This week we held the 3rd meetup for people who do (or are interested in) user research across government. The theme for this meeting was to understand the different kinds of research that departments do and consider ways we can work more effectively with them on the design of digital services.
In particular, we were interested in the relationship between Customer Insight Teams and User Researchers. Customer Insight Teams tend to do larger scale pieces of research, often outsourced to agencies, that cover a range of interest from customer satisfaction, to market segmentation and marketing research, to initial concept evaluation for services and communications.
User Researchers work embedded in agile teams on the design and delivery of digital services, contributing to product strategy as well as user experience.
Representatives from several departments and agencies including Home Office, DWP, Ministry of Justice, National Archives and Land Registry shared their experiences of Customer Insight Teams and User Researchers working together. We compiled a list of recommended actions to take back to our teams to help us make the most of the research and insight gathering that's going on.
Some highlights from the action list include:
1. Increase awareness throughout the department of the role of research in the digital service design lifecycle
Research is not something that is done in the initial stages of the project and then 'handed over' to the delivery team to implement. Research is required through all project stages - from discovery to live - to enable continuous improvement to the service and to integrate updates based on what the team learns as the service is progressively developed and rolled out to more users.
User research contributes to the product strategy as the concepts are formed into prototypes and can do much more than just ensure the usability of forms.
2. Embed researchers and co-locate multidisciplinary product teams
Research and Insight are able to contribute much more effectively to digital service design if they are in the same place as the team building the service.
If what we learn in the research is going to be actively used by the team in the creation of the service, it's important to be present and able to contribute to decisions about the service design and prioritisation of features on a day-to-day basis.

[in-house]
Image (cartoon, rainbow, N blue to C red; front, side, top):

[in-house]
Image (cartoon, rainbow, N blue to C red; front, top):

3. Create documents structured around users and their experience of a service/enable others to share their knowledge
Customer journey maps can be very useful in helping people who have knowledge about end users contribute that knowledge in a way that is actionable for service design.
Similarly, some teams create documents that synthesise 'what we know' about customers and their attitudes and beliefs in relation to the service so that people who are new to the project can be easily brought up to speed.
These documents provide a structure to add to and update as we learn more about end users and as the design of the service evolves. (Doing this in a presentation format and including some video highlights from research can be very helpful).
4. Share roadmaps for research
Make sure that plans for future research are widely shared around the department so that others can contribute to or piggy back on research that's already planned . This helps to maximise the effectiveness of each piece of research we do or commission and reduces duplication.
5. Find all the people who do research and insight work in your department
Sounds obvious. May be harder than you'd expect. Once you find them, put them on a map and share it. Don't assume this map exists. Everyone makes this assumption but few have ever seen one.
6. Make time to network and share information
Set up regular formal and informal meetings with as many people who do research and insight work in your department as possible.
Set up a monthly meet up. Have lunch with a friendly insight person. Show people what you're working on. Share knowledge. Get the communication flowing.
7. Research is a team sport
Remember that we don't do research for us, we do it to help people in our teams make better decisions about the design and delivery of digital services.
The best way we can do this is by allowing as many of that team as possible to participate in as much of the research process as possible – observing, analysing and agreeing on actions.
Help your team get their exposure hours – at least 2 hours every 6 weeks - and help reduce the distance between the people who make decisions about the services and the people who are affected by those decisions.
We encourage you to share these actions as widely as possible in your department and see how many of them you can put into action this month.
Let us know how you get on and what other ideas you have for helping customer insight and user research work more effectively together.
If you'd like to find out more about our cross government user research meet ups, you can join our mailing list (for people interested in user research across government) or email me for more information.